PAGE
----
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Postal workers continue hunger strike against proposed delivery cuts

Despite most of Congress leaving town for the holidays, postal workers
are continuing a hunger strike protesting legislation to save the
United States Postal Service (USPS) through budget cuts.

The hunger strike began Tuesday and is expected to end late Saturday,
according to The Washington Post.

{mosads}Six former and current postal workers, part of a group called
Communities and Postal Workers United, are calling the strike “six
days starving to save six-day delivery.” Their goal is to stop
Congress from reducing postal delivery to five days a week.

“We have to be on guard, to raise awareness and pressure the
decision-makers as they wrangle back-room deals,” group spokesman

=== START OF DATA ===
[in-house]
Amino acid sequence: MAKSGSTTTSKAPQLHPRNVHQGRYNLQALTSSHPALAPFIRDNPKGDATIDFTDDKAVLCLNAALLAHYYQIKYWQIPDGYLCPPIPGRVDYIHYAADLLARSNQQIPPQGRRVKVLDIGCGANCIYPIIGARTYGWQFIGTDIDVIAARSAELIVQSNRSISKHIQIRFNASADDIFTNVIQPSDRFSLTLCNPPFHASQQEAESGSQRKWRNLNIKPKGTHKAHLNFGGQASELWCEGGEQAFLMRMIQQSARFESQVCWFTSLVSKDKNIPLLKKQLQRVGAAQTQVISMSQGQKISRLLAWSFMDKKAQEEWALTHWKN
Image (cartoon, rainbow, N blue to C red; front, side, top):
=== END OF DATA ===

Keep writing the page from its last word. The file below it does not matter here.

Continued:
Jamie Partridge, a retired letter carrier from Portland, said in a
statement.

The same small, grassroots group staged a hunger strike in June to
protest legislation proposed to overhaul the service.

The agency lost $16 billion in fiscal year 2012, and needs to cut around
$22.5 billion from its annual budget by 2016.


More from The Hill:


• Fearing primaries, GOP members opted to shun Boehner’s ‘Plan B’


• Boehner challenges Obama, Democrats to act on ‘fiscal cliff’


• Obama commemorates U.S. service members for the holiday season


One top proposal, to reduce postal delivery days in order to reduce
expenses at the cash-strapped USPS, would also cut letter carrier
jobs. According to the protesters, as many as 80,000
postal jobs could be lost.

Congress has been unable to pass postal reform measures and the
House and the Senate are in recess until after Christmas.

This week, the group targeted President Obama and Rep.
Darrell Issa (R-Calif.) for endorsing legislation that would cut
postal delivery to five days a week.

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